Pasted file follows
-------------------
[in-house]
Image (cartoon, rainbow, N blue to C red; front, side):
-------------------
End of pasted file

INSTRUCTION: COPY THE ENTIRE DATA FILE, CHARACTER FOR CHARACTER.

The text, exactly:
[in-house]
Image (cartoon, rainbow, N blue to C red; front, side):